The Final Judgment

by Richard North Patterson

Hardcover, 1995



A woman lawyer returns to her family she has not seen for 20 years. She is Caroline Masters, the daughter of a New Hampshire judge, who agrees to defend her niece, accused of murder. All the ghosts from her past rise up, including the memory of the death of her mother and a man with whom she had an affair. A family drama by the author of Eyes of a Child.

User reviews

LibraryThing member amacmillen
A Caroline Masters novel. Where Caroline goes back to roots in New Hampshire where a young girl is accused of the murder of a boy friend. The novel addresses Caroline's youth and a love affair. The girl Greta is in reality her daughter. The plot involves the father and Caroline's sister (now Bret's parent). In the end the Caroline's father is the killer trying to protest his granddaughter from the person being murder. Grandpa kills him self.… (more)
LibraryThing member rocketjk
This murder mystery is a combination mystery and family drama. The mystery is pretty good, but the family drama component, while well conceived, caused the narrative to drag at crucial moments, I found.

Also, Patterson has, at least in this book, two narrative tics that I found increasingly distracting. First, the adverb "utterly," which should probably never be used, is used here too frequently. Characters stand "utterly still," or the night is "utterly quiet." Once during a novel, OK. Twice, perhaps. More than that is utterly too much. But worse, many, many times during the novel, at least two dozen, the protagonist realizes things, or impressions come to her, "all at once." As in, "All at once, Caroline realized that this girl was looking at life in a new way." "All at once, it came to Caroline that the prosecutor knew no more than she did about . . . " That sort of stuff drives me nuts and drains away my ability to enjoy a book.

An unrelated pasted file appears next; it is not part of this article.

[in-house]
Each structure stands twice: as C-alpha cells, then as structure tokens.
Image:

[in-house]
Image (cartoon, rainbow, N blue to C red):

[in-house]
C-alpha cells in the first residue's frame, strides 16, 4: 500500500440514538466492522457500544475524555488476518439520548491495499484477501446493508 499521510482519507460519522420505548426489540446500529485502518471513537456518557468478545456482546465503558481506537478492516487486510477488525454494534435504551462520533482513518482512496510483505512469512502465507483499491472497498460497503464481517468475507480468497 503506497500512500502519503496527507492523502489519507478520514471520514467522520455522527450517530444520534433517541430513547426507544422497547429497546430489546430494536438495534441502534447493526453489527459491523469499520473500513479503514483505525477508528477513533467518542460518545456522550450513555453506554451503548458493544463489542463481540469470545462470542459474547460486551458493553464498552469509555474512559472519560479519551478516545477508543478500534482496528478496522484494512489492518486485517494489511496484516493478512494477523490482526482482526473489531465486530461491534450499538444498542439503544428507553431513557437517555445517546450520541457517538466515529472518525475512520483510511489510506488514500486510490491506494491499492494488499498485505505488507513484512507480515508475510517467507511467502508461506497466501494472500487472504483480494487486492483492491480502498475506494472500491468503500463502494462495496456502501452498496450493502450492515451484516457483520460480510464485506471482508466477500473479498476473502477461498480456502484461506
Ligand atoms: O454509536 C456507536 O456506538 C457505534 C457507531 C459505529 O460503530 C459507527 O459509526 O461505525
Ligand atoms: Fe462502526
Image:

The mystery and even the characters were interesting, although I must say I had the ending pegged pretty early on. Overall, for me, an OK murder myster. For my taste, Patterson needed to tighten up the flashbacks and tidy up those cliches. Hard core mystery genre buffs may be more forgiving than I of these flaws, though.
… (more)
LibraryThing member christinejoseph
good @ Caroline Masters + judge — goes back to family in N.H. — case for her daughter

A young man is brutally murdered. His distraught girlfriend is the prime suspect. Her aunt, Caroline Masters, about to take up a top job in the US Court of Appeals, decides to defend the young woman in the murder trial. But this will be Caroline's first contact with her family in almost twenty years, and as she prepares the case and goes through the trial, long forgotten secrets re-surface, pitting Caroline against not only the police and prosecution, but also against her father (a retired judge), her sister and the memory of her young self when she, too, lost a boyfriend in suspicious circumstances.… (more)
LibraryThing member sunnydrk
An emotional "who done it", once again RNP presents us with a story so realistic and so captivating that it is hard to put down. I liked how he interweaved the past with the happenings of the future. Not overdone but, enough that it kept things interesting.


Knopf (1995), Edition: 1st, 437 pages


Original language


Original publication date


Physical description

437 p.; 1.5 inches


0679429891 / 9780679429890
Page: 0.3763 seconds